Accuracy in Media

Coming off a fact-challenged speech in Charlotte on Thursday, Vice President Joe Biden invited the media to verify his claims on Medicare, challenging the press to “fact check me.”

Biden was addressing a group of supporters at Zane Grey Elementary School in Zanesville, Ohio on Saturday morning when he issued his challenge:

What they’re proposing, and this is a fact. I say to the press, ‘Fact check me. What they’re proposing will actually cause the Medicare trust fund that pays for the benefits when you go to the hospital, the doctor, etc., to run out of money, a sufficient amount of money by 2016. That’s when it would hit the wall.

In Charlotte, Biden made a similar comment during his speech when he said that the Romney campaign’s proposal “would cause Medicare to go bankrupt by 2016.”

The Washington Post did fact check Biden on his Medicare claim after his speech in Charlotte and found it less than accurate:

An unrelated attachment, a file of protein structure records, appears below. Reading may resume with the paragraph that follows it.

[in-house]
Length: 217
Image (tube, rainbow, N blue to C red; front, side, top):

It is highly misleading to use the phrase ‘bankrupt.’

There are different parts of Medicare, much of which is paid from general revenues and premiums. Part A, which pays hospitals, has a ‘trust fund,’ made up of special-issue Treasury bonds, that always seems to be on the edge of running dry, even though it is funded by a payroll tax paid by employees and employers. But even so, the payroll tax could pay most estimated expenditures for decades.

This isn’t the first time Biden has been caught red-handed by the Post. Last week the paper’s fact checker gave Biden 3 Pinocchios for accusing Romney of receiving a federal bailout. And that was before Biden dared the media to prove him wrong.

Biden has issued a challenge and now it’s up to the rest of the media (besides the Post) to take him up on that offer and show just how fact challenged he really is.

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